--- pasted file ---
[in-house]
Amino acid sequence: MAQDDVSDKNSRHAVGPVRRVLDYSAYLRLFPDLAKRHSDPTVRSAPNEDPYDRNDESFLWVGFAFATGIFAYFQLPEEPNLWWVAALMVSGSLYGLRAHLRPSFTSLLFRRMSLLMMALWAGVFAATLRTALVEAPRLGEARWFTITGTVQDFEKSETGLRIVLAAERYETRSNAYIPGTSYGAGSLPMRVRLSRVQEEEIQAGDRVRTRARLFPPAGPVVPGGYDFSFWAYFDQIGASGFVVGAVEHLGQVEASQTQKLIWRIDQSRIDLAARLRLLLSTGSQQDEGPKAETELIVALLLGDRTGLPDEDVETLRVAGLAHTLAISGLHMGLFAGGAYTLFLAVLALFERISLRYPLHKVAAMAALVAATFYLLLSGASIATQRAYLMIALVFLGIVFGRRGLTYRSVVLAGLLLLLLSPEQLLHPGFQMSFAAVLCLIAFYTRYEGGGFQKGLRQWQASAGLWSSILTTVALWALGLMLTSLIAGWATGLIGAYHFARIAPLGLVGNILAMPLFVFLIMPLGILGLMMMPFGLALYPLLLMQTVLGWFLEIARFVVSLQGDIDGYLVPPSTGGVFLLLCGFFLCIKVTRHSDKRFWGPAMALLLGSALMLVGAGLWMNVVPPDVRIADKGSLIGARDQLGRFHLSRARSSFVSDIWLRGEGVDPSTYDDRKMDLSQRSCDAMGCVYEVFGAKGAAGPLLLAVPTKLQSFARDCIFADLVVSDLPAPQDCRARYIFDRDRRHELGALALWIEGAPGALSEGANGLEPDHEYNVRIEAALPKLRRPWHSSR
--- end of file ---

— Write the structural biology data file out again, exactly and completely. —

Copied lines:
[in-house]
Amino acid sequence: MAQDDVSDKNSRHAVGPVRRVLDYSAYLRLFPDLAKRHSDPTVRSAPNEDPYDRNDESFLWVGFAFATGIFAYFQLPEEPNLWWVAALMVSGSLYGLRAHLRPSFTSLLFRRMSLLMMALWAGVFAATLRTALVEAPRLGEARWFTITGTVQDFEKSETGLRIVLAAERYETRSNAYIPGTSYGAGSLPMRVRLSRVQEEEIQAGDRVRTRARLFPPAGPVVPGGYDFSFWAYFDQIGASGFVVGAVEHLGQVEASQTQKLIWRIDQSRIDLAARLRLLLSTGSQQDEGPKAETELIVALLLGDRTGLPDEDVETLRVAGLAHTLAISGLHMGLFAGGAYTLFLAVLALFERISLRYPLHKVAAMAALVAATFYLLLSGASIATQRAYLMIALVFLGIVFGRRGLTYRSVVLAGLLLLLLSPEQLLHPGFQMSFAAVLCLIAFYTRYEGGGFQKGLRQWQASAGLWSSILTTVALWALGLMLTSLIAGWATGLIGAYHFARIAPLGLVGNILAMPLFVFLIMPLGILGLMMMPFGLALYPLLLMQTVLGWFLEIARFVVSLQGDIDGYLVPPSTGGVFLLLCGFFLCIKVTRHSDKRFWGPAMALLLGSALMLVGAGLWMNVVPPDVRIADKGSLIGARDQLGRFHLSRARSSFVSDIWLRGEGVDPSTYDDRKMDLSQRSCDAMGCVYEVFGAKGAAGPLLLAVPTKLQSFARDCIFADLVVSDLPAPQDCRARYIFDRDRRHELGALALWIEGAPGALSEGANGLEPDHEYNVRIEAALPKLRRPWHSSR